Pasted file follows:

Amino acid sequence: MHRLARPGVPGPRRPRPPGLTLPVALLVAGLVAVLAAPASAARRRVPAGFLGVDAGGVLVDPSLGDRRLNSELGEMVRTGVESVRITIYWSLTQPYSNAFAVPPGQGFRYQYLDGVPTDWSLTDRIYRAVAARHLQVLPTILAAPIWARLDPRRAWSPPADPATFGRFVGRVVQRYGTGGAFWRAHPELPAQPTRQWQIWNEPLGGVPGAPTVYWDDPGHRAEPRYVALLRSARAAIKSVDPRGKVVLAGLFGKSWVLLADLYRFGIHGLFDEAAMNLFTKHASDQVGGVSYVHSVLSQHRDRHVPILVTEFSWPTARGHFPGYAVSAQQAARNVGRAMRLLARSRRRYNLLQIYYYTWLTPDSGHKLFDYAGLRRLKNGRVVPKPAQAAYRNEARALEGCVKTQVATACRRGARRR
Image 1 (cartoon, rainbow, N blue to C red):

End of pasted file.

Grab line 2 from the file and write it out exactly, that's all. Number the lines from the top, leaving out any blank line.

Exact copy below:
Image 1 (cartoon, rainbow, N blue to C red):